The main character is supposed to be very intelligent and sometimes it clearly shows and she can be very deep and insightful in surprising way. Other times the rambles are pointless. She starts off by describing her only friends with their disabilities and character flaws, she talks endlessly about wanting to kill herself, almost like it's just something to do. Which is annoying because of the almost blase way she talks something so serious. Then the plot sort of trails off and nothing really happens with it. It's never addressed. Only when she needs to use those emotions to manipulate something to her own advantage to change dorms. She pretends she's so stressed she'll want to kill herself and then remembers like - oh yeah, I sort of really wanted to do that so play off those emotions. Kind of disgusting. She uses the word "spastic" a lot when describing how her best friend is acting strange. And that pisses me off. No need to use that word.
The main character is horrible and annoying, and almost nothing has happened plotwise. Other than she's made friends with a very rich but flakey girl and now both girls are doing drugs - popping pills. One can get away with it because she's rich and everyone wants her to like them, but the other one is a scholarship student and can't afford to be strung out on drugs and not keep her grades up. It's blah and boring as hell. One is having an affair with a teacher and the other thinks it's a spectacularly bad idea. There are two potential boys the main character could be interested in.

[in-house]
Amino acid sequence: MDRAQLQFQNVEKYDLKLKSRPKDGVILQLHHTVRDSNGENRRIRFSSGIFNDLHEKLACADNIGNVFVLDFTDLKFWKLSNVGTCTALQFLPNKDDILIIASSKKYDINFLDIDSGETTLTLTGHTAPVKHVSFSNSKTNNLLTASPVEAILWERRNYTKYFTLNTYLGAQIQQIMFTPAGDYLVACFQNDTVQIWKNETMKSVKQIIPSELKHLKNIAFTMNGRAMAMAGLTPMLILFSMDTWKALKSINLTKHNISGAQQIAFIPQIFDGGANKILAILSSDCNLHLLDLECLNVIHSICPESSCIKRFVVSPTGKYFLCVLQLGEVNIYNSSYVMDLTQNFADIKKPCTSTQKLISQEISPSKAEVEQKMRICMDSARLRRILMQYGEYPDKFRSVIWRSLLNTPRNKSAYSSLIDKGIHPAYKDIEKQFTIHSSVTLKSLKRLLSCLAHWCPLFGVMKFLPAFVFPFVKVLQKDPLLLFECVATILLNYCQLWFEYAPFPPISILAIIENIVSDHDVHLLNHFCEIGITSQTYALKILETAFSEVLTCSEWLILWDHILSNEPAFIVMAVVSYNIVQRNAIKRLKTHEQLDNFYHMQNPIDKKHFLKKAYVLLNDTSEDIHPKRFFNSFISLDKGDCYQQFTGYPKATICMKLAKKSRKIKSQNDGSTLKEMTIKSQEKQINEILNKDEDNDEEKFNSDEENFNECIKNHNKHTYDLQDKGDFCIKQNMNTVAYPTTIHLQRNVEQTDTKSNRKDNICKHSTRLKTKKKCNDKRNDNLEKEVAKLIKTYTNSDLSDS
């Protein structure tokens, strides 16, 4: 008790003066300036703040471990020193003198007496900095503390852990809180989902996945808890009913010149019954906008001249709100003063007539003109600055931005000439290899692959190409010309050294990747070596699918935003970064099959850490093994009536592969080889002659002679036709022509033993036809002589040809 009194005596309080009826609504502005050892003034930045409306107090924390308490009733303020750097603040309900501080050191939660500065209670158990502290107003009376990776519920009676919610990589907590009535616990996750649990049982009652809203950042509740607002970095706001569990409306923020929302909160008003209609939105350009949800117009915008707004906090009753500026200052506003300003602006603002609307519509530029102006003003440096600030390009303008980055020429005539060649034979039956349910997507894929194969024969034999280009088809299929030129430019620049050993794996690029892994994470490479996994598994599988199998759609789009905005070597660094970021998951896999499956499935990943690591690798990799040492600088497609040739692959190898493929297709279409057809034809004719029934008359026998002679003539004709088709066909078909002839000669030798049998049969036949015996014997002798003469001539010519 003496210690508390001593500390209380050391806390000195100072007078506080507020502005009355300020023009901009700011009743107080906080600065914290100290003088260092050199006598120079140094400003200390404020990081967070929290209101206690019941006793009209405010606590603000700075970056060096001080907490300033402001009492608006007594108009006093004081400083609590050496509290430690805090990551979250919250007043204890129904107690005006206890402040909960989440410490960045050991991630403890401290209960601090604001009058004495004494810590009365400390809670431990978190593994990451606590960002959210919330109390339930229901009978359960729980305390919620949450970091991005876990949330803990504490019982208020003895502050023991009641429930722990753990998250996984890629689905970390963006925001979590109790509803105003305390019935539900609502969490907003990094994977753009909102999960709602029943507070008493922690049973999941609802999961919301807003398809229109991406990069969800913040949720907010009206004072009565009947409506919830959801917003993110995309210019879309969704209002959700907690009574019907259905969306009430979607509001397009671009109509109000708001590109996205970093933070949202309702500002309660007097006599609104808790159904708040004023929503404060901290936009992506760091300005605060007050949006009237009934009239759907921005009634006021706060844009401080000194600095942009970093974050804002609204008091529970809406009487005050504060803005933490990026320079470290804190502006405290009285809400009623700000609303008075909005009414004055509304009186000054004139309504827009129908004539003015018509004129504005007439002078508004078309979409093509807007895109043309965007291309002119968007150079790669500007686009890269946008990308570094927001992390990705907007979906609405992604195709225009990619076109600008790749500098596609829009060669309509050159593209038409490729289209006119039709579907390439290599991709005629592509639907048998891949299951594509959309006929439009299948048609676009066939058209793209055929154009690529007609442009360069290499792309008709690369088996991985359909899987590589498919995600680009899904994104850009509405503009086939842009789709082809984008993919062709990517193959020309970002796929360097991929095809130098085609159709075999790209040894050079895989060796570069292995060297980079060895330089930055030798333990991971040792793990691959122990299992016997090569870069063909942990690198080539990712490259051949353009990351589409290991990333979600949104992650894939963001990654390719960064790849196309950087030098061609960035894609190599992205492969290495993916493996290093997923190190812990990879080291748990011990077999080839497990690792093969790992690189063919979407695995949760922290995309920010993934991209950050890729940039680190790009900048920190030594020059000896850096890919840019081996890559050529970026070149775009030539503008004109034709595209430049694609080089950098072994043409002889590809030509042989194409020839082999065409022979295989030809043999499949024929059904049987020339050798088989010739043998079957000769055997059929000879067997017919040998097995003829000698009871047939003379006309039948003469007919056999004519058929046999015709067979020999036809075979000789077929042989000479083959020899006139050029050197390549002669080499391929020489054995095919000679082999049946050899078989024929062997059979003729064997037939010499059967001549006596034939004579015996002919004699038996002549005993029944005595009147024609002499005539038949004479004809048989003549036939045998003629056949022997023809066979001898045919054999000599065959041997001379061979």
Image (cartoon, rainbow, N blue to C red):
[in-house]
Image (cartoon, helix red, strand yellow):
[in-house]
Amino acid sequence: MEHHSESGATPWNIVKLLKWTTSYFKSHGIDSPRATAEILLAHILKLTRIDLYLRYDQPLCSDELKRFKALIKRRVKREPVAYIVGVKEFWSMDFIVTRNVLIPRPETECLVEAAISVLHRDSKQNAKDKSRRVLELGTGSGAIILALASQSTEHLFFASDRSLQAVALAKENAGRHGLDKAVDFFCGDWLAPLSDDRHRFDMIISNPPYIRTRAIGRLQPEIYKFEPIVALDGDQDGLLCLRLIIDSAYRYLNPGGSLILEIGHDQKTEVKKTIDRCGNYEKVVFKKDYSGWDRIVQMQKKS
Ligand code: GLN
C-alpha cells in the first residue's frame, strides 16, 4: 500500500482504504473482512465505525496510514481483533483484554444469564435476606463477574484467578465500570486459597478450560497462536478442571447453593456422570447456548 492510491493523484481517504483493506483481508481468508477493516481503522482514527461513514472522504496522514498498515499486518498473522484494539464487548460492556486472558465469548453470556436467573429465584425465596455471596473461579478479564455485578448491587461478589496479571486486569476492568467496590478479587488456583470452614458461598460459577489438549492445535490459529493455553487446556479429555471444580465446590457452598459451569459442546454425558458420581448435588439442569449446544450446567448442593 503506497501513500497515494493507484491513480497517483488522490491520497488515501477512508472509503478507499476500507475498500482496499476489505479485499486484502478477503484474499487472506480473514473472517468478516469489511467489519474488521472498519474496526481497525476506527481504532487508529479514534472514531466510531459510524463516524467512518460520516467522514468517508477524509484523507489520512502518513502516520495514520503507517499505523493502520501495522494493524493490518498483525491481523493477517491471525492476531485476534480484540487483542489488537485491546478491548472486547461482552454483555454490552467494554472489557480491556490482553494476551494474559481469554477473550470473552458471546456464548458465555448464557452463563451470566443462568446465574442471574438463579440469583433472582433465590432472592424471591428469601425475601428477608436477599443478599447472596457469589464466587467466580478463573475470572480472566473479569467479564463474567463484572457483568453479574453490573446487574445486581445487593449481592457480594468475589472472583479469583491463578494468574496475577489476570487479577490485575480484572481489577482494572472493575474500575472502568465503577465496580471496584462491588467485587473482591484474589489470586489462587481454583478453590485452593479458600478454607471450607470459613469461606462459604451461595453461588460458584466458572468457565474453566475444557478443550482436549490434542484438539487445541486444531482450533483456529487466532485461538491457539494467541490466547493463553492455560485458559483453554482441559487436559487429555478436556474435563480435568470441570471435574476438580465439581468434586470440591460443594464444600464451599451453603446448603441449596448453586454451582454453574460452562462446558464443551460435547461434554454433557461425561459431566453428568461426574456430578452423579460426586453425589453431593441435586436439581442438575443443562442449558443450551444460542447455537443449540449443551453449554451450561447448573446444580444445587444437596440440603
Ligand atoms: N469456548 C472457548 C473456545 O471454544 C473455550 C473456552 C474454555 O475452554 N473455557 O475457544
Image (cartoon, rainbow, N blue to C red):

I just have no desire to read anymore of this.
I received a copy from Netgalley.
A delightful story focusing on two teens during Pride week in San Francisco. Mark is in love with his best friend Ryan while Kate’s best friend has set her up with a girl who she’s built up in her mind and finally gets to meet after hearing about her from other people. Only instead of going to the meeting Kate chickens out and winds up at the same club where Mark and Ryan are hanging out. A chance meeting and somehow a friendship forms as the night progresses between Kate and Mark.